You can’t teach an old dog new tricks, but you can wrap it in an API compatibility layer. In this post, you’ll learn how to use older versions of Heroku Buildpacks with the Pack CLI by wrapping them in a Cloud Native Buildpack shim that’s as easy as:»
Spring Boot 2.3.0 introduced a new feature you can use to package your app into a Docker image with Cloud Native Buildpacks (CNB). In this post, you’ll learn how to use this mechanism with Heroku buildpacks to create an image you can run on any cloud platform.»
Choosing a Java runtime to install has become… interesting. Simon Ritter of Azul and Matt Raible of Okta have done great write-ups on how to select the right JDK, and in this post you’ll learn how to use a few of those options on Heroku.»
Java libraries that invoke native code (i.e. code written in C/C++ and compiled for a specific platform) via the Java Native Interface (JNI) can allocate memory that is nearly invisible to standard JVM monitoring tools. This creates the potential for very mysterious memory leaks because JNI does not automatically garbage collect or track the non-JVM memory resources allocated on the native side.»
Did you know version 2.8.8 of Jackson Databind (a popular JSON library) has a deserialization vulnerability that can be used to execute any code or command on your system? If you’re using this version you need to update your app immediately.»
Restarts happen, but your users shouldn’t notice them. Every user request should run to completion before the server processing them shuts itself down. This is known as draining requests, and it’s described in the Disposability principle of the 12-factor app. At a high level, here’s what should happen:»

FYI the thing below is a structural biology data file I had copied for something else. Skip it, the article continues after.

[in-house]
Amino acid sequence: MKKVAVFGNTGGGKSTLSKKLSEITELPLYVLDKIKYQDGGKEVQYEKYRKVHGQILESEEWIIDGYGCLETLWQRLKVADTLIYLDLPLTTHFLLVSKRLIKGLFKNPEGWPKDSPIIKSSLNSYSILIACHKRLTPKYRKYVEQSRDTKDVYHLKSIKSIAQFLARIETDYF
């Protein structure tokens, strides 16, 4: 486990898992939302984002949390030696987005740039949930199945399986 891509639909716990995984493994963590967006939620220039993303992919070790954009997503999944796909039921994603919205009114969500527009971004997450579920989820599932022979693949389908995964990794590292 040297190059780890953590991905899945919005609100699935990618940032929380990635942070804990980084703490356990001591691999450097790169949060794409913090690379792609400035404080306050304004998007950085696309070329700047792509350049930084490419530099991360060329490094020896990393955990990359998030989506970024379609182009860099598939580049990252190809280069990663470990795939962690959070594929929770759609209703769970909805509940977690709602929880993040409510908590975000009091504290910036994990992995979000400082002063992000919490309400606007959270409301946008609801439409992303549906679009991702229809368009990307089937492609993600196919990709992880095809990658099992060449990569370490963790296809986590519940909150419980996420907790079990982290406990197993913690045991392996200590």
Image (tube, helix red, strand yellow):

Java heap memory does not make up 100-percent of a JVM process’s memory
allocation. There are many categories of non-heap memory in a JVM process
that often account for more RAM than the heap when they are summed up. It’s possible to set your maximum heap size to 512 MB,
-Xmx512m, and have your process consume more than 1 gigabyte of RAM
Kotlin reminds me of a young Harry Potter. It’s fresh, full of zeal, and has the support of a great institution. Harry had Hogworts, but Kotlin has the entire JVM ecosystem to nurture its growth.»
./gradlew build command should produce the exact same output each time you run it–even when
you run it on someone else’s computer. But the use of dependency version ranges in Gradle
makes it possible for
./gradlew build to resolve different versions of dependencies
during each execution, which makes the output of your builds unpredictable.
Google’s Firebase Realtime Database makes a great backend for mobile apps. It can sync data across clients in realtime, and remains available when your app goes offline.»
In the previous post, you learned how to add a database to your backend service and consume it with Retrofit in an Android app. But you exposed the services without any authentication or authorization. In this post, you’ll learn how to protected those services and add a complete user mangement system to your app with Stormpath.»
In my last post, you learned how to invoke a service from an Android app with Retrofit. Now you’ll extend that example to consume RESTful JSON-based services that are backed by a database on the server.»
This post walks you through the process of creating a backend server API for an Android app, running that API on Heroku, and invoking it from Android with Square Retrofit.»
The Heroku Java Agent is a lightweight tool you can attach to a running Java process to log heap and non-heap memory usage. It is a simple, but powerful reporting mechanism that can provide essential information at critical moments.»
Java apps have traditionally managed TrustStores and KeyStores as regular files on the filesystem in JKS format with
This mechanism was fine when the state-of-the-art in system administration required copying files from server to server.
But in the era of the cloud, our apps need a better system.